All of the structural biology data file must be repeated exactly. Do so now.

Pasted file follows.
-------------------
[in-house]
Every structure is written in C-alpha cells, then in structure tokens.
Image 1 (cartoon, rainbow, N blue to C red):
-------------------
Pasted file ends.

[in-house]
Every structure is written in C-alpha cells, then in structure tokens.
Image 1 (cartoon, rainbow, N blue to C red):